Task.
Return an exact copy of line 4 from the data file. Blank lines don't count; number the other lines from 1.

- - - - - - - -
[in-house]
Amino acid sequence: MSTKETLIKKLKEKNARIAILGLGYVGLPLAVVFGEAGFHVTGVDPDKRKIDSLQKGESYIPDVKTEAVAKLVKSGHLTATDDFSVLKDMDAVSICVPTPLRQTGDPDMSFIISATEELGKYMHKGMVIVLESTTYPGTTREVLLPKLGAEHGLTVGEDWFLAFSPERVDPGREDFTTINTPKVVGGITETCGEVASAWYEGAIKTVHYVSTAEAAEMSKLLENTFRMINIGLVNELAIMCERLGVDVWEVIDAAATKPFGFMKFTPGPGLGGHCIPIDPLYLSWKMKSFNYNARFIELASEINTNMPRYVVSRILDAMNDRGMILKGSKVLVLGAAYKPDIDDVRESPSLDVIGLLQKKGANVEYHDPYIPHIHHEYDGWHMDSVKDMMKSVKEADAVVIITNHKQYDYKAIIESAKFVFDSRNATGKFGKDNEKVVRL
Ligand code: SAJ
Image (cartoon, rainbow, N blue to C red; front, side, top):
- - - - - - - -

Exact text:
Image (cartoon, rainbow, N blue to C red; front, side, top):